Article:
Ear Conditions & Treatment
Ear tubes are small tubes made out of plastic or metal that are placed into the
ear drum to ventilate the middle ear. The middle ear is, under normal
circumstances, filled with air at the same pressure as the surrounding
atmosphere. The pressure is maintained at this normal level by a natural
tube called the Eustachian tube. If the Eustachian tube is not functioning
properly, it will not open. This causes the pressure in the middle ear
to drop, and fluid accumulation may lead to infection. Ear tubes are placed
to break this cycle, allowing the ears to drain and to ventilate.
Sudden Sensorineural Hearing Loss (SSHL), or
sudden deafness, is a rapid loss of hearing. SSHL can happen to a person all at once or
over a period of up to 3 days. It should be considered a medical emergency.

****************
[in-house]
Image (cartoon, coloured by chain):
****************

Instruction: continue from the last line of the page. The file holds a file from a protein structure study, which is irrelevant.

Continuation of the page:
A person who experiences SSHL should visit a doctor immediately.
The presence of
tinnitus is a very common and annoying occurrence. It may be intermittent or constant
in character, mild or severe in intensity, and vary from a low roar to
a high-pitched type of sound. It may be subjective (audible only to the
patient) or objective (audible to others). It may or may not be associated
with hearing impairment. Tinnitus must always be thought of as a symptom
and not a disease, just as pain in the arm or leg is a symptom and not
a disease. Most often, disorders of the inner ear are to blame.
Tympanoplasty: Repair of Ear Drum Perforation
Perforations of the eardrum, or tympanic membrane, can occur as a result
of infections or trauma. Small perforations often heal on their own, but
large perforations may require surgical repair. Surgery to
reconstruct the tympanic membrane (tympanoplasty) is usually performed under general anesthesia.